Should Teachers Pack?
To: National Rifle Association and Others Who Believe the Best Defense Is a Good Offense
From: Anne Johnson, Public School Teacher
Re: Carrying a weapon in order to protect my students
Considering the fact that my classroom is the very first door on the front center hallway, literally the first door any visitor to the school sees, I can rather confidently predict that I would be directly in the line of fire if an insane gunman came into the school building. I might have time to lock myself and my students into the classroom whilst said insane gunman blasted his way into the door (which is usually locked). But after that, where would he go? Straight to Room 105. That's me.
In theory I agree with you that it would be wonderful for me to have a loaded gun of my own that I could unsheathe, aim, and fire with deadly precision.
In fact, the only weapon I've ever used effectively is a fly swatter. Even then I am only partially proficient.
Back in the 1960s when I attended day camp, I shot BB guns at targets. I missed. Every time. I have hit the sides of barns with Super Soakers, but never a moving human being.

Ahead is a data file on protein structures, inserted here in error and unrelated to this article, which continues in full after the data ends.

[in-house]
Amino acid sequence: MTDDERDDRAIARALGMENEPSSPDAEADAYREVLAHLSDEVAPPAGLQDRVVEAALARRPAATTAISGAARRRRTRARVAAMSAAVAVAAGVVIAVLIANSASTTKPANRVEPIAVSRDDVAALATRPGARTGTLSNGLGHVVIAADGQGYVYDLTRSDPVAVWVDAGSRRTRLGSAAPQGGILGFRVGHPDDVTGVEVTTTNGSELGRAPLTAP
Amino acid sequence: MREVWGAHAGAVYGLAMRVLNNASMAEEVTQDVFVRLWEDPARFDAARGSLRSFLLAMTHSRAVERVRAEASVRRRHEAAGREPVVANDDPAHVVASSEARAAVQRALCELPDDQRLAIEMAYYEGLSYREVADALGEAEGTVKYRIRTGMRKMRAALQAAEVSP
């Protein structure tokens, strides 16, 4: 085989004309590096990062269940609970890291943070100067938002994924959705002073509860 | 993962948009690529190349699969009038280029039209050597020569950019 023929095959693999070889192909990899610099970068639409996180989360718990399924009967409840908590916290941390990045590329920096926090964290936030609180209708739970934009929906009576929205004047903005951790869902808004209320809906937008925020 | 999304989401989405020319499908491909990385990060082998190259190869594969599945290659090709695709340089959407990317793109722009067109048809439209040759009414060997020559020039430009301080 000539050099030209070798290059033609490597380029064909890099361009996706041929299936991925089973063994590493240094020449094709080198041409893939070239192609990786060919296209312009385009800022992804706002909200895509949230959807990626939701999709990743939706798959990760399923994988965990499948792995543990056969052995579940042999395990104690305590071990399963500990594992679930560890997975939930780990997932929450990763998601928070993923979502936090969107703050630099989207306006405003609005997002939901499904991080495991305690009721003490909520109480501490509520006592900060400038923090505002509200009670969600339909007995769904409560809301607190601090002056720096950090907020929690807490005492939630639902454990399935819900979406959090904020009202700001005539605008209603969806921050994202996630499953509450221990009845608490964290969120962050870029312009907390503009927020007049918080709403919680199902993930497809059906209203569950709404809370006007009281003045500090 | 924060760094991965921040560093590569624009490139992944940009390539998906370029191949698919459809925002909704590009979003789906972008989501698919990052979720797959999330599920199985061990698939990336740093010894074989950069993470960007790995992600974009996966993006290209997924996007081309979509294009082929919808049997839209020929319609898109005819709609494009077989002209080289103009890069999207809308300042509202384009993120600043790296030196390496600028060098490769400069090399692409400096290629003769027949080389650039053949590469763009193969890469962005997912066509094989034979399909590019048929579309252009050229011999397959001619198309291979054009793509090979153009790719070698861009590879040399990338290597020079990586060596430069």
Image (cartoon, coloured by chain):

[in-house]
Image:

Therefore, even though I would love to be part of your happy solution to random gun violence in public places, I fear that by the current tools of evaluation, I would not satisfy the requirements of the position; namely, public school teacher.
This is not to say that I could never be trained to wield a firearm effectively. I'll bet after 100 hours of professional development on the community firing range I could perhaps pull a trigger without knocking myself down. From there, considering the intelligence of many gun owners, I ought to be able to figure the weapon out. But if there's some assembly required, all bets are off. I'm an English teacher. Assembling things happens in math and science classes. I can hardly assemble a peanut butter sandwich. (I can understand Shakespeare, though. Everyone is skilled at something.)
See this fine female? She's not me. I'm not her.
I brake for squirrels. When I play Monopoly, I let people stay in my hotels for free. Back in the day, I hid from the food fight in the middle school cafeteria. Once my grandfather asked me to bring him his squirrel gun. I had to drag it across the floor, because I couldn't lift it.
So if some assailant tries to shoot my students, the best I can hope for is to be a meat shield while they scramble under the desks. I have given this long, hard thought, and that's pretty much the sum total of my capacity to protect anyone.
Sorry to disappoint you. The militia will have to be well regulated without me.
Labels: Second Amendment